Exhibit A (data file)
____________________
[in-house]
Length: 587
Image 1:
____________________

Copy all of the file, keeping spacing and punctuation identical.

[in-house]
Length: 587
Image 1: